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Rocky Mountain High

If we learned one thing from Nancy Reagan, it was Just Say No.

Daryl McKenzie seems to agree. Except for the times you should say yes. And the other times when you should scream, Hell yes!

Rocky Mountain High by Daryl McKenzie




I have never believed in anything like this. But it happened. I have no idea when I fell asleep but the next thing I knew I was laying in the back seat of what looked like a taxicab riding down a street somewhere in Manhattan. There was a woman driving but her head was turned, facing the road ahead, hiding her face from view. For some reason I felt as though I knew her. And then she turned to me and said, “Where would you like to go?” It was only then that I saw her face. My Aunt Julie. But that was impossible. She’d been dead for over ten years. She then turned her attention back to the road and said, “I hear Denver is pretty nice this time of year. Because where you’re going Kelvin, I’m sure you won’t wanna be.”

Suddenly I opened my eyes. I was sitting on the passenger side of my old 2002 Pathfinder while my girlfriend Monica drove through the main street of Marianna, Florida, blasting Hotline Bling. I never let her listen to that shit because it makes her drive fast. I then noticed that every time the bass came through the speakers the headlights would dim. It had to be the alternator. 

My heart began pounding, and it wasn’t just because of the dream or my dying vehicle. I looked at the time: 12:04 a.m. The last thing I recall was leaving a McDonald’s in Biloxi, Mississippi, where we bought some food and a USA Today newspaper. That was only an hour or so ago. This meant that I’d been through two states at about eighty miles an hour with thirty pounds of purple-haired hydroponic weed shoved in a suitcase, all while unconscious. And even now Monica was doing 45 in a 35-mile-per hour zone. God had to be on my side.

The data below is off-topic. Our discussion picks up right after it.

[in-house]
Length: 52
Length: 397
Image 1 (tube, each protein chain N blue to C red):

After I did some yelling, Monica slowed down and pulled into the parking lot of The Sandusky, a motel we frequented every few months. No less than six times a year, Monica and I drove from Houston, bringing in pounds of weed to my connection, Charles. We would meet him on the Alabama state line four o’clock the next day. We had more than enough time to rest. But when we got to the front desk we found that the room we always booked with the king-size bed had somehow been rented. After telling us how sorry he was, the owner offered us the last room he had: Room 111. But he had a funny look on his face, as if it was a room no one wanted. By this time I was tired and didn’t care. We’d been on the road over fifteen hours. Plus this wasn’t a vacation; we had thirty thousand dollars to make the following day. 

When we walked into the room it felt ominous. I can’t really explain it. But it was something about the place. I put it out of my mind. We unpacked our stuff, showered and went to sleep.